Russell joins all-around stud Desmond Jackson as the committed defensive tackles in the class and Texas is almost certainly done now both at defensive tackle and possibly along the defensive line with 22 commitments, leaving only two or spots still available. Though Oklahoma commit Marquis Anderson also received an offer, the Longhorns seemingly backed off in his recruitment, meaning that both of the top targets on the Texas board committed in 2011.
Instant scouting report -- Part of the appeal with Russell lies in his ability to play nose tackle, a position at which it is more difficult to find big, impact players. In comparison, it's easier to find three techniques, especially if the coaching staff is willing to spin down larger defensive ends in pass-rushing situations, a tactic Will Muschamp commonly employs and will likely do so again this season.
At 6-3, 280 pounds and possessing a thick frame, Russell projects as competition for Derek Johnson (if he manages to stay in school), De'Aires Cotton, and possibly Taylor Bible to play over the center. However, Russell has plenty of athleticism to also play the three technique and spend time shooting gaps into opposing backfields. A talented basketball player who received some interest on the hardcourt, Russell was also a sprinter in junior high school.
For a defensive tackle, Russell's stats are striking -- he tallied 87 tackles as a junior, not an unheard-of number for a defensive tackle, but one that speaks to his consistent motor and ability to separate from offensive linemen.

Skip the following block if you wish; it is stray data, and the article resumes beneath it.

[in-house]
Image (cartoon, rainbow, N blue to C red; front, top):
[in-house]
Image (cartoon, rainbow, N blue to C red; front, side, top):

One notable aspect of his film is his ability to play cut blocks -- several teams running the triple option tried to cut Russell repeatedly and the big tackle simply used his hands to discard the smaller players and attack the ballcarrier. The big defensive tackle has the quickness to get into the backfield and pursue plays down the line of a scrimmage, no surprise given his high tackle totals. It's truly remarkable how well Russell moves at his size, a testament to all the time he's spent on the basketball court.
The most important factor in his development at Texas will be his ability to play with better pad level, as well as to more consistently use his hands with violence and proper placement. Known as a raw athlete, it's remarkable that Russell is able to make as many plays as he does while often standing straight up at the snap. As Russell gets stronger and adds muscle to his formidable frame, he could become the type of gap-control tackle every team needs in the middle because he possesses such unique raw strength -- since he plays basketball, Russell has not had the time to fully commit himself in the weight room.
By comparison, Marquis Anderson might be slightly quicker off the ball, but he doesn't possess ideal lower body strength/thickness, limiting his upside and making Russell a more ideal fit next to the athletic Desmond Jackson, a a three technique in college all the way. But don't sleep on Russell's athleticism, either -- the big guy is quick and changes direction well for someone with his mass, two skills that allow him to make plays down the line of scrimmage.
It will likely take him a year or two to develop the strength and technique necessary to compete at the highest level, but Russell has created a positive national reputation throughout the spring and, along with defensive backs like Charles Jackson, Tevin Mitchel, and David Jenkins, is one of the fastest-rising defenders in the state and on the national scene.